In a private speech at the Massachusetts Institute of Technology on Friday, former president Barack Obama took a veiled swipe at President Trump, boasting that the Obama White House was free of "scandals that embarrassed us. Although the former president didn't mention Trump by name, many nonetheless interpreted the remarks as a reference to the near-constant stream of scandals that Trump has faced since his swearing in a little over a year ago.
The speech at MIT's Sloan Sports Analytics Conference was off-the-record, and recording was not allowed. Nevertheless, Reason obtained and published audio from the event.
"Generally speaking, you didn't hear about a lot of drama inside our White House," the former president said. "We didn't have a scandal that, you know, embarrassed us." Obama added that "I know that seems like a low bar," prompting laughter from the crowd.
The Obama administration was indeed relatively light on major scandals, a fact that eventually earned the president the nickname "no-drama Obama." However, to say that the administration had no embarrassing scandals whatsoever is debatable at best.
The crisis at the Department of Veterans Affairs, the revelations of widespread and secret domestic surveillance by the U.S. government, the technical failures of Healthcare.gov in 2013 and the killing of an American citizen by drone strike all happened under Obama's watch, and each could plausibly be considered an embarrassing scandal, depending on who is making the assessment.
Moreover, some conservative critics might also point to the attacks in Benghazi, the ATF gunwalking disaster (also known as "fast and Furious"), the closure of Solyndra and Obama's decision to wore a taupe suit at a press conference as additional embarrassing scandals of the Obama administration. The definition of "scandal" is in the eye of the beholder; however, it would be difficult to argue that the number of Obama scandals is anywhere close to those faced by the current Oval Office occupant, which may be why the crowd laughed when Obama noted that avoiding embarrassment is "a low bar" for a president to clear.
In addition to implicitly criticizing Trump, Obama also spoke about the role of social media in American life, noting that although it's a "hugely powerful potential force for good," it can just as easily be used for evil. Obama said that social media companies therefore "have to have a conversation" and attempt to strike a balance between the public good that social media offers and the financial obligations that all for-profit companies must take into consideration.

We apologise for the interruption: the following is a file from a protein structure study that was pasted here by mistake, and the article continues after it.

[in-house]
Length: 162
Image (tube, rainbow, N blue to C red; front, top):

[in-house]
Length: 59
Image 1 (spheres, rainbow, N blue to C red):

"Our social media platforms are just a tool," Obama said. "ISIS can use that tool. Neo-Nazis can use that tool. I do think the large platforms — Google and Facebook being the most obvious, Twitter and others as well, are part of that ecosystem — have to have a conversation about their business model that recognizes they are a public good as well as a commercial enterprise. They're not just an invisible platform, they're shaping our culture in powerful ways."
Obama's comments at the speech were largely focused on sports. However, he also touched on several other political topics, including climate change, the American news media and the importance of gender diversity in the workplace.
Many who witnessed the speech or listened to the recording, however, were primarily struck by how relatively non-controversial it was, leading many to ask why it was off-the-record to begin with. New York Times reporter Kevin Draper called it "incredibly tame," while Deadspin wrote that "the most controversial part of Obama's off-the-record Sloan speech was just a light criticism of the NCAA." WEEI writer Alex Reimer argued that there was "seemingly no reason" for the speech to be off-the-record in the first place, "besides institutional arrogance."